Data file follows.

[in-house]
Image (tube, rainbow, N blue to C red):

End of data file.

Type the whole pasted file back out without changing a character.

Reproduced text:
[in-house]
Image (tube, rainbow, N blue to C red):